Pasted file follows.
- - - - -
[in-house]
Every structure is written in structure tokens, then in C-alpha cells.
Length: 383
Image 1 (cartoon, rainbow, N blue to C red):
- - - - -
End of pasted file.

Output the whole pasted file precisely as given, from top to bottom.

[in-house]
Every structure is written in structure tokens, then in C-alpha cells.
Length: 383
Image 1 (cartoon, rainbow, N blue to C red):